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Ten dry years transformed Australian thinking about weather

and water. The world can learn from their approach. Rob

Vertessy, the director of the Bureau of Meteorology: ‘Our

water-trading systemmakes a combination of long dry

periods and economic growth possible.’



he fact that Dr Rob Vertessy now

heads a meteorological institute

is quite remarkable: he started

out as a hydrologist. It’s hardly

surprising that his institute has

been led by meteorologists for more

than a hundred years. But no longer, and that is

a significant change. Australian scientists have

developed multi-disciplinary, pioneering solutions

for long-term water shortages.

You are the first hydrologist to be

appointed director of a meteorological

institute. Surely meteorologists and

hydrologists are like cats and dogs?

‘Not really, we are all dogs really and we get along

fine: we complement one another. As a hydrologist,

I studied forest water regimes and catchment

modelling, and during the drought crisis I

advised the government to set up a sound water

information system. They asked me to do the job

at the Bureau of Meteorology. And I’m still here.’

Has there been a change in the approach to

water issues now that meteorologists and

hydrologists have teamed up?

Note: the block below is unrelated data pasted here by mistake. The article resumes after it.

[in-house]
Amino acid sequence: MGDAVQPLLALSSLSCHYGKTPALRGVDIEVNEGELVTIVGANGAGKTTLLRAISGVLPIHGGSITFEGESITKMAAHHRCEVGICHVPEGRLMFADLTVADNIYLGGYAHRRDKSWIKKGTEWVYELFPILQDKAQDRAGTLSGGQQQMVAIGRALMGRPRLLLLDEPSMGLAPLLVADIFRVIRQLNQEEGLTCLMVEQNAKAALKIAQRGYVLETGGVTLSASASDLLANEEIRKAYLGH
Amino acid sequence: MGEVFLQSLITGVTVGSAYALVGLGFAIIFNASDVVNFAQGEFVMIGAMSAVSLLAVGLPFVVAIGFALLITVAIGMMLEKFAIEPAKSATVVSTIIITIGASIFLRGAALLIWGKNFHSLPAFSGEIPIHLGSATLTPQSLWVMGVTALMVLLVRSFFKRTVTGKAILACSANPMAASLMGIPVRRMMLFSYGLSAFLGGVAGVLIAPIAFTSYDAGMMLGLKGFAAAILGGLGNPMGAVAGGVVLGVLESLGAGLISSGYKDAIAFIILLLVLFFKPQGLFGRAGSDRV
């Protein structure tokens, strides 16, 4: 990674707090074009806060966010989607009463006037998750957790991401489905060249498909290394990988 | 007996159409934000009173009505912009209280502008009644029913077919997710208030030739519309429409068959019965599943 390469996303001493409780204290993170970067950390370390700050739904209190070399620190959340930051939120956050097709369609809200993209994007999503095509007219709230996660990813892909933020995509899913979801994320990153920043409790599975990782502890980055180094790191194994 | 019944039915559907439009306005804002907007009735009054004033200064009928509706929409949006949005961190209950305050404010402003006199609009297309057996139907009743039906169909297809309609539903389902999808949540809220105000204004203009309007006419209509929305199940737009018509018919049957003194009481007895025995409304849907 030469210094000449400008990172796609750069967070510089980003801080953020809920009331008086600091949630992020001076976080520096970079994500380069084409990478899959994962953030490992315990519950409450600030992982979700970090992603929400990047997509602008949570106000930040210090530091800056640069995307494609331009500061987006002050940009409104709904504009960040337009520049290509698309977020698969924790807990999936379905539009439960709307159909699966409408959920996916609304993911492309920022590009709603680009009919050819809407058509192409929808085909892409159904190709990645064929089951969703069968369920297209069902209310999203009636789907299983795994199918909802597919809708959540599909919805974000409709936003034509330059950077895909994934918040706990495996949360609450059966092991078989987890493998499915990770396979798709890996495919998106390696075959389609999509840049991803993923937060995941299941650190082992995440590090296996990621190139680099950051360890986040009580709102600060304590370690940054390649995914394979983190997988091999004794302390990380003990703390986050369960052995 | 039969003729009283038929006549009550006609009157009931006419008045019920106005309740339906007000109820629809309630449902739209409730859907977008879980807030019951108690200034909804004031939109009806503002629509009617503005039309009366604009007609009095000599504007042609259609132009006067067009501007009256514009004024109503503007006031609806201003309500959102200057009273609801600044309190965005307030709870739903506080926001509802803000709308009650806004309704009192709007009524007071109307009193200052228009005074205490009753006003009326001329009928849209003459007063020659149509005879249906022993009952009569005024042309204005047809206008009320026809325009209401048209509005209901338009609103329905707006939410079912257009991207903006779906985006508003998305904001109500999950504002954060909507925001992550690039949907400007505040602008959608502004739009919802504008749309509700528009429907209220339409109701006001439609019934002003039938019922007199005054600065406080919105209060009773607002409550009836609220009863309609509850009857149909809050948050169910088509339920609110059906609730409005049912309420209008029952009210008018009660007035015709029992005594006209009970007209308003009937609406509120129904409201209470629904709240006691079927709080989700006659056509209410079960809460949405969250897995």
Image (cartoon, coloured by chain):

‘Absolutely. We used to forecast how much rain

there would be, and where. At least, we did our

best. Nowadays, we are an institute that uses

accurate forecasts to help people to come up with

smart ways of coping with nature’s moods. For

example, we work out how much water you can

remove from a catchment without damaging the

local ecosystem. These are things that you may

not think about in the short term but they make a

world of difference in the long term.’

Australian nature can be a tough


‘That’s right. First we had a decade-long drought

and then so much rain that we couldn’t get rid

of the water for months. Of course, as such,

droughts are nothing new but the population and

the economy have grown so fast that we reached

a tipping point at the end of the last century. We

have enormous catchments on which four states

depend at the same time. So disputes about water

are always a possibility. One of the things that we

have got good at is preventing situations of that


Which solutions are you proud of?

‘Australia has a healthy water market. To extract

water, you need a permit and then it is possible

to trade the water that has been extracted within

regions. Of course, the drought put a lot of pressure